Lightroom 5.5 has become the most popular version of Lightroom since I started making movies with it in 2008. In this review I will compare the pros and cons of different versions for making films.
The Pros: Lightroom 5.5 has a great interface which does what it says it does. The Lightroom developer tools are great, while Photoshop is a bit more polished with a few hidden features that add to the overall experience.
Lightroom 5.5 has a great interface which does what it says it does. The Lightroom developer tools are great, while Photoshop is a bit more polished with a few hidden features that add to the overall experience. The user interface is smooth and it always looks as good as you remember it.
As a professional photographer, you should be able to use this version of Lightroom on your computer all day long.
The Cons: The interface is slow and there are some hidden features I have heard of. Some users are complaining the previews do not look as good as they could, while you know how it happens. I am not sure if the Lightroom preview is so slow or if this is the real issue. I will test the preview of Lightroom in less than 12 months – which happens to be my birthday, so we will see. If you use Lightroom more on your computer than in your camera, then you are probably fine with this version of Lightroom.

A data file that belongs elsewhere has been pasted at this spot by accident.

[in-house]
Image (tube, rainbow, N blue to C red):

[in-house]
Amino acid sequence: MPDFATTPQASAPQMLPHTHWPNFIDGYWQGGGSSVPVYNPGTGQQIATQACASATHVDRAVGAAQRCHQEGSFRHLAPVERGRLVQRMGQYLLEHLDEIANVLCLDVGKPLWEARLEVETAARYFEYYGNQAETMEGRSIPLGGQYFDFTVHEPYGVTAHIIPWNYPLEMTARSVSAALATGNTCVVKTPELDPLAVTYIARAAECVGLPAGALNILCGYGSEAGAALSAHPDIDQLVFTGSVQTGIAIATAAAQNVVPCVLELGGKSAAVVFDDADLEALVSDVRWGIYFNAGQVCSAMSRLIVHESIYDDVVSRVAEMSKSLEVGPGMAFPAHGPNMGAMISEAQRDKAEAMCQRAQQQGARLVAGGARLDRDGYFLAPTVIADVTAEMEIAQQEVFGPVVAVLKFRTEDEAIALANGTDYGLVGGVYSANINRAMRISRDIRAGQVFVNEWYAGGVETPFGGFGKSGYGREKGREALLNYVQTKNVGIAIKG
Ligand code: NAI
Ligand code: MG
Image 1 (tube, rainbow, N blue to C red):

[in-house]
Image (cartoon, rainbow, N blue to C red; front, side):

The main issue with Lightroom 5.5 is the default color temperature. The “Classic” color temperature is too warm or too cold. On my laptop it gets too warm to the point where it gets too hot. The other issue with the color temperature is that it changes depending on settings inside of Lightroom. I have my normal temperature set to “Normal” and I also have all my lighting set up to the preset “Day” color temperature which will be more neutral. The result is that the default color temperature is too warm and I do not like it. You can see the difference at this blog post. If you are concerned about the color temperature of your film you can turn the “White Balance” to “Neutral”, but for a lot of people this will not be enough so it might be better to just turn the brightness and contrast settings to “Standard” and see if they help. One downside to the default “Classic” color temperature is that it is not as useful for certain effects like HDR and the blue-tint in Photoshop. A lot of people love those
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